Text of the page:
Gold is a very unique commodity in many ways. As consumers, we wear gold on and around our bodies. We use it as a status symbol and an indication of wealth. Gold has even been incorporated into many monetary systems across the world. Gold serves many useful and vital purposes for society at large. With all these uses, there is one thing that gold is not -- a viable long term investment.
Investors, in recent times, have invested extensively in gold, believing it to be a viable hedge against inflation and uncertainty. In this article, my aim is to present factual evidence why gold is inferior to investing in productive assets over the long term. I will also attempt to dispel many of the common myths surrounding gold and its usage.
To begin, I present a chart highlighting the long-term returns of stocks, bonds, gold and the dollar. Notice how gold has appreciated very little, compared to both stocks and bonds. If an individual invested $1 in gold in 1801, the value of that dollar would have grown to $1.95 200 years later. This equates to a .3 compounded growth rate over the 200-year time period. Assuming a 3% rate of inflation over this time period, the real rate of return from gold over the past 200 years is actually negative. Now, let's study the growth rate of stocks over this period. $1 invested in the market it 1801 would have grown to $755,163 200 years later. This equates to a 7% compounded growth rate over this 200-year period. As an investor, would you rather have a 7% compounding growth rate, or a .3% growth rate? Obviously, a rational investor would elect to receive the 7% growth rate. Remember these two statistics, as they will become important later on.
In essence, the long-term investor is better served by purchasing stocks as oppose to gold in the long run. History has proven this theory correct. Why then, would rational investors want to invest in gold, knowing that returns in stocks are far superior? The answer lies primarily with emotions and speculation.
Gold is a "fear commodity." When investors are fearful or overly pessimistic regarding the future, they tend to flock to both gold and U.S. Treasuries. When investors are fearful about the future monetary policy of governments, they tend to be heavy purchasers of gold. When investors are fearful about the political and economic circumstances of the world, they tend to flock to U.S. Treasuries. Gold is seen as a "safe haven" for investors who believe the future monetary outlook is bleak. However, this "safe haven" is actually one of the riskiest purchases an investor can make. I personally define risk as the probability of losing principle or purchasing power due to an inappropriate purchase of a security. I do not define risk as the beta of a security. Nor do I define risk as the price movement of a particular security over a short-term time horizon. Using the above definition of risk, combined with the insight garnered from the chart, the riskiest assets an investor can purchase are cash and gold. Over the long term, cash and gold are guaranteed to lose the investor money. For one, as seen by the chart, gold will, over time, provide very little value to investors. Why, you may be asking yourself, does gold provide little value to investors?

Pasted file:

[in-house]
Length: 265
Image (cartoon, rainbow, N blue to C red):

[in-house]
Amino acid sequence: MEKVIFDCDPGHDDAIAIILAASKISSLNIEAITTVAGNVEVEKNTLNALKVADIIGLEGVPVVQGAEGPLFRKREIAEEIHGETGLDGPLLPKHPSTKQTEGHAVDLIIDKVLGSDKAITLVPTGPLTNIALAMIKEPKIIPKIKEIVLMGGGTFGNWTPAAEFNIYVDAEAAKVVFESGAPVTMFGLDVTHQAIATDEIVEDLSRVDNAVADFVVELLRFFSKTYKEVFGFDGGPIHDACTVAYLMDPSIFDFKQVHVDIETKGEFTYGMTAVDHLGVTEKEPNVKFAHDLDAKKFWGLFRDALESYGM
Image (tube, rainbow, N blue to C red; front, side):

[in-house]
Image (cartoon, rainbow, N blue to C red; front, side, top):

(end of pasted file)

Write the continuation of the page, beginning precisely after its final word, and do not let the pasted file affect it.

First, gold is a non-productive asset. If you, an investor, purchase 100 ounces of gold today, 200 years from now, you will still own 100 ounces of gold. No matter how much you shine, buff or coddle it, it will still be 100 ounces of gold. ETFs such as UGL, GGGG, and GLD are all mainly comprised of non-productive assets. Therefore, the only way in which the investor can make money with gold is through the expectation that someone else will pay more for it in the future. As an investor, speculation can cost you dearly. For one, macroeconomic trends, consumer sentiment, and future occurrences are so difficult to predict consistently. I personally, cannot name one individual or economist who has accurately forecast economic trends on a consistent basis. There is simply too much uncertainty in the world to believe anyone can do so with any semblance of consistency. As such, it will be very difficult for the gold investor to make money over the long term by relying on speculation or intuition.
Now, let's contrast the performance of gold with that of a stocks. Stocks, unlike gold, are productive assets. If you purchase 100 shares of stock, most years, the stock will generate earnings for you, the investor. 100 shares of Wells Fargo, for example, can potential generate $3 of earnings or more each year for the investor. This earnings generation is what creates the vast amount of price appreciation of stocks as compared to gold. If you purchase a stock, it theoretically will provide earnings for you year after year. Some of those earnings will be retained in the business to grow and expand its operations. Another portion of those earning will be given to you in the form of dividends and stock buybacks. While gold simply sits and remains unproductive, stocks will continue to generate compounding rates of return for the investor. This is why stocks since 1801 have vastly outperformed gold. Gold, as indicated by the .3% growth rate, cannot compound itself in an adequate fashion. It can only remain stagnant and unproductive in the hopes that someone will pay more for the same amount. Stocks, however, have the potential to earn more money for the fortunate investor who purchased the security for the long term.